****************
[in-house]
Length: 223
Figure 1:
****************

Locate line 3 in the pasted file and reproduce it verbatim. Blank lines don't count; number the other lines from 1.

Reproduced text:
Figure 1: